“Why do we usurp God’s right to judge?”

You know how great a wrong it is to judge your neighbor. What is graver than this? What does God hate and turn away from so much as from this? Nevertheless, from things that appear negligible a man comes to such great evil. For by accepting a suspicion against the neighbor, by saying, “What does it matter if I put in a word about my suspicion? What does it matter if I find out what this brother is saying or what that guest is doing?” the mind begins to forget about its own sins and to talk idly about his neighbor, speaking evil against him, despising him, and from this he falls into the very things that he condemns. Because we become careless about our own faults and do not lament our own death (as the Fathers put it), we lose the power to correct ourselves and we are always at work on our neighbor. Nothing angers God so much or strips a man so bare or carries him so effectively to his ruin as calumniating, condemning, or despising his neighbor.

There are three distinct things here: running a man down, condemning him unjustly, and despising him. Running a man down is saying that so-and-so has told a lie, or got into a rage, or gone whoring, or the like. A man has already committed calumny if he speaks about his brother’s sins as if with sympathy. Condemning a man is saying, “he is a wicked liar, or he is an angry man, or he is a fornicator. For in this way one judges the condition of his soul and draws a conclusion about his whole life, saying it is of such a kind and condemns him as such. This is a very serious thing. For it is one thing to say, “He got mad,” and another thing to say, “He is bad-tempered,” and to reveal, as we said, the whole disposition of his life. It is serious to judge a man for each one of his sins. As Christ himself says, “Hypocrite, first take the board from your own eye, then you can see to take the splinter out of your brother’s eye.”

You see, he compares your brother’s sin to a splinter and your rash judgment to a board. Very nearly the most difficult of all sins to deal with is judging our neighbor! That Pharisee who was praying and giving thanks to God for his own good works was not lying but speaking the truth, and he was not condemned for that. For we must give thanks to God when we are worthy to do something good, as he is then working with us and helping us. Because of this he was not condemned, as I said, not even because he said, “I am not like other men,” but he was condemned because he said, “I am not like this tax-collector.” It was then that he made a judgment. He condemned a person and the dispositions of his soul—to put it shortly, his whole life. Therefore, the tax-collector rather than the Pharisee went away justified.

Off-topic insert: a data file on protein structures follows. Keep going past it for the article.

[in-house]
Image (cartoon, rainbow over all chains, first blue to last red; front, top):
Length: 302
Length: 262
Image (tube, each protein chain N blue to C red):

Nothing is more serious, nothing more difficult to deal with, as I say repeatedly, than judging and despising our neighbor. Why do we not rather judge ourselves and our own wickedness, which we know so accurately and about which we have to render an account to God? Why do we usurp God’s right to judge? Why should we demand a reckoning from his creature, his servant? Ought we not to be afraid when we hear about a brother falling into fornication and declare, “He has acted wickedly!” If you know what it says about this in the Book of the Ancients, it would make you shudder. For an angel brought Isaac the Theban the soul of someone who had fallen into sin, and said to him, “Here is the person you have judged. He has just died. Where do you order him to be put, into the Kingdom or into eternal judgment?” Can you imagine a more terrible situation to be in? What else could the angel mean by this words than, “Since you want to be the judge of the just and the unjust, what do you command for this poor soul? Is he to be spared or to be punished?” The holy old man, frightened beyond measure, spent the rest of his life praying with sighs and tears and continuous hard work to be forgiven this sin, and this in spite of having fallen on his knees before the angel and been forgiven, for the angel said to him, “You see, God has shown you how serious a thing it is to judge; you must never do it again.” This was the way he granted forgiveness but the soul of the old man would not allow him to be completely comforted from his pain and repentance until he died.

St Dorotheos of Gaza

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3 Responses to “Why do we usurp God’s right to judge?”

  1. Janice Dietrich says:

    Why couldn’t the old man accept God’s forgiveness ? How can we give something that we have never really received?

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    • Fr Aidan Kimel says:

      I don’t know. Sometimes it’s psychologically hard to just accept God’s forgiveness. The felt need to do penance seems fairly universal.

      Liked by 1 person

      • Steven says:

        The pride within makes it painful to simply admit our guilt in the depths of our soul, and will drive us to all sorts of ridiculousness if we go the route of self-justification.

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